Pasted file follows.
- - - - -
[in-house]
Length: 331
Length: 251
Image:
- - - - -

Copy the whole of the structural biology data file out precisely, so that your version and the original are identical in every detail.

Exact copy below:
[in-house]
Length: 331
Length: 251
Image: